In another study, high self-efficacy towards an individual’s judgment to organize and execute the tasks to achieve optimal performance was seen in school-age children who practiced yoga.
When integrated at the right age, children can grow and flourish with yoga.
8 Easy Yoga Poses for Kids
Certain yoga poses can help children to improve their physical and mental health. Below are some excellent poses to start with.
1. The Tree Pose (Vrikshasana)
In the Tree Pose, the child balances their weight on one leg with the other leg folded over the thighs. The arms are folded in the ‘namaskara’ position. Children practice this for a few minutes and then repeat it by switching legs.
Evidence suggests that tree pose improves concentration and balance.
2. Butterfly pose ( Baddha Konasana)
Mimicking a butterfly through an asana can be exciting for kids. For this asana, children sit on the mat with their legs stretched in front. Then bend the knees inward and make their feet touch each other. Then their feet are held tight with hands, and legs are flapped out to the sides like the wings of a butterfly.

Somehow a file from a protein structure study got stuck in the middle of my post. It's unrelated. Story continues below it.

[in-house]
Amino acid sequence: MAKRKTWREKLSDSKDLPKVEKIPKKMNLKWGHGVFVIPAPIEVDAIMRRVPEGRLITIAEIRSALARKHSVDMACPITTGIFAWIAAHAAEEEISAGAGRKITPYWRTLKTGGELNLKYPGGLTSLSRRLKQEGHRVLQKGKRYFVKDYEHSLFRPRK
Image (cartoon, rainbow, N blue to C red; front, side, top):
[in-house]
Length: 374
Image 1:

Butterfly pose is a great stretch to the inner thighs and groin increasing their flexibility. Also, with regular practice, it ensures good posture in a growing child.
3. Bridge Pose (Setu Bandhasana)
A pose where the body is bent like a bridge gives an excellent stretch to a kid’s spine and thighs. For this pose, kids are asked to lie on their back on a flat surface. They bend their knees to lift the middle and upper body with palms pressing firmly against the ground. Breathe slowly through this posture and stay for a while.
Bridge pose helps to open the chest, thighs, hips, and it also strengthens the back. It increases the flexibility of the backbone and allows kids to achieve a good posture.
4. Cobra Pose ( Bhujangasana)
Cobra pose is an excellent asana for back, abs, and to increase core strength. To begin this pose, ask the children to lie face down on a flat surface. Then ask them to lift their upper body by pressing their palms firmly on the ground. Hold this pose for 15 to 30 seconds and gently release the body to the floor.
Cobra pose stimulates the abdominal organs and helps to reduce fatigue. It also increases circulation and boosts energy.
5. Cat Pose (Marjariasana)
A pose that resembles an animal definitely draws a kid’s attention. Ask the kids to take a tabletop position using their hands and knees. With an exhalation, arch the back upwards. The head should be released gently towards the floor. Kids should come back to the tabletop position slowly with an inhale.